Rohan Murphy speaks to a classroom of BYW student-athletes at the Lilla G Frederick Middle School in Dorchester, MA.

Rohan Murphy speaks to a classroom of BYW student-athletes at the Lilla G Frederick Middle School in Dorchester, MA.

Dorchester MA – On a chilly January afternoon, BYW middle schoolers from two sites (the Lilla G Frederick Middle School and the Quincy Upper School) gathered in a classroom to listen to the amazing story of Rohan Murphy, a former wrestler now youth motivational speaker. Murphy, who lost both of his legs shortly after birth, recounted what it was like to be a disabled African American boy growing up his predominantly white community on Long Island, NY. He spoke about the incredible relationship he built with his eventual high school wrestling coach, who persisted in encouraging Murphy to learn how use his athletic potential to do pull ups, push ups, and other exercises. Eventually, his coach encouraged him to come out for the wrestling team. On his first day of the team, Murphy realized something about the sport of wrestling: that it was INCLUSIVE, not EXCLUSIVE. This lesson would stick with him for the rest of his life, as he dedicated himself to being the best wrestlers in the state. One story that had the BYW student-athletes recounted how his camp counselor Brock Lesner (yes, THE Brock Lesner of WWE and UFC fame) at the Jay Robinson Intensive Camp in Minneapolis, MN challenged Murphy to walk the length of a football field (100 yards) on his hands, complete 10 pyramid push ups, and then return 100 yards back. Not thinking he could complete it, Murphy impressed Lesner by successfully beating his challenge! Murphy later encouraged the student-athletes that college should be their vision and goal for themselves, and said nothing should get in their way. Murphy himself was a “walk-on” for the Penn State Wrestling team, one of the elite programs in NCAA Division 1 wrestling.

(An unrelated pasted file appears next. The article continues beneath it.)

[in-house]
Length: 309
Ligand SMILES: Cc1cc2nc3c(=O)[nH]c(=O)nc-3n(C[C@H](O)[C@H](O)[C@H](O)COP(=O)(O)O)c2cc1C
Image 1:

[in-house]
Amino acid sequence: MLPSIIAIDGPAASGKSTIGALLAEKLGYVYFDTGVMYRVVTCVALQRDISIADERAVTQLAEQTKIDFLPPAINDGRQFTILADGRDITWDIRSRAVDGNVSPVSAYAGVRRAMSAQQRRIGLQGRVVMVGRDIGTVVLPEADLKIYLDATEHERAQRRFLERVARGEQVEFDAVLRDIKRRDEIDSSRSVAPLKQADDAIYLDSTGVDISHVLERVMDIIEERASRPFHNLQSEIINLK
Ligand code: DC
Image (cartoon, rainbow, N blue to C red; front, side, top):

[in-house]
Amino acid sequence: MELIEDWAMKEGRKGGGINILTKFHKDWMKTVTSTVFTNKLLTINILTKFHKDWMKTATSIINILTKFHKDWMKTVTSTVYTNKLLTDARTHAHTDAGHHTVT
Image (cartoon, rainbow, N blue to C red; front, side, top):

At the end, BYW wrestlers got a chance to get on the mats with Rohan, who showed some wrestlers his technique for turning an opponent. 

Kaylalee Ortiz, a second year wrestler for the Frederick MS, said of the visit, “One thing I liked about Rohan’s speech is that even though he has no legs, he does anything as any other human being and that’s one thing that I respect, and as a wrestler I’m going to work hard to do

[as well].”

To read more about the life and work of Rohan Murphy, check out his website here.